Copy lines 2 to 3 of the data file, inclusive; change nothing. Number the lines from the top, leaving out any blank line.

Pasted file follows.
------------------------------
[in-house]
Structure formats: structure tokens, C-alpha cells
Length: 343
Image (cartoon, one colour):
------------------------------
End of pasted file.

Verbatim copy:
Structure formats: structure tokens, C-alpha cells
Length: 343